It’s summer in Northern New York — that means water. Yes, the lake, river, pools, streams, ponds, sprinklers etc. — but I’m talking about water to drink. How much water should you drink each day? It’s a simple question with no easy answer. Studies have produced varying recommendations over the years. But your individual water needs depend on many factors, including your health, how active you are and where you live. Listen to your body and if you are thirsty drink, but here are some tips to make it a little easier.
1. Add a splash of citrus (or other fruits and veggies) to perk up the flavor. Squeeze lemon or lime juice (from the fruit or the bottle) into your class. You can also cut up strawberries, melons, or cucumber and let them infuse overnight in a pitcher of water in the fridge. Try these recipes: http://wdt.me/9oyofc. Carry a water bottle with you. Going to work or school or shopping? Take your bottle of water with you. It will remind you to sip throughout the day and ensure you stay hydrated.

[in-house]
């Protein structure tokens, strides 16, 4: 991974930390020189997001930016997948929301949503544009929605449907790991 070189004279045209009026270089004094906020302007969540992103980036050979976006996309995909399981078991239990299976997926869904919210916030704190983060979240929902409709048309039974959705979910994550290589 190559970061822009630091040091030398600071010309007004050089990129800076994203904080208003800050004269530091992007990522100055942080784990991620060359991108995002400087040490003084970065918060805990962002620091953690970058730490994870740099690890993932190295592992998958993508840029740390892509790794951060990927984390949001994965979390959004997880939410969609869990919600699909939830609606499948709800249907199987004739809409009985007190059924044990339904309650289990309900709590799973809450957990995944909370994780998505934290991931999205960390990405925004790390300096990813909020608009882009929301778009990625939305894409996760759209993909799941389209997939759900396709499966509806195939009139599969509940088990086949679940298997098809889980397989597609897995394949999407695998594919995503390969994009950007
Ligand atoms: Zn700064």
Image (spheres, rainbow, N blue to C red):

3. Embrace the bubbles. There are a ton of sparkling waters and seltzers on the market. Look for ones that are not sugar or artificially sweetened — just water and natural flavors. Sometimes we just need a little carbonation in our lives.
4. Pick your temperature. There’s no rule that says your water has to be ice cold. A lot of people find it harder to drink that way. Drink it room temp, or try hot water with lemon. I like to mix it up throughout the day. Have hot lemon water first thing in the morning, and then keep your water bottle filled with room temp H2O during the work day.
5. Want to track how much you’re drinking? There are plenty of apps to track electronically. There are also water bottles with motivating sayings as you work your way down the fill line.
And, by the way, you don’t need to rely only on water to meet your fluid needs. What you eat also provides a significant portion. For example, many fruits and vegetables, such as watermelon and spinach, are almost 100% water by weight. In addition, beverages such as milk, juice and herbal teas are mostly water. Even caffeinated drinks — such as coffee and soda — can contribute to your daily water intake. But go easy on sugar sweetened drinks. Regular soda, energy or sports drinks, and other sweet drinks usually contain a lot of added sugar, which may provide more calories than needed. For this summer, focus on water — in every form.